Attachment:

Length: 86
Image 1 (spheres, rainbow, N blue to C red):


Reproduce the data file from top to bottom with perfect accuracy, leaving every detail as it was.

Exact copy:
Length: 86
Image 1 (spheres, rainbow, N blue to C red):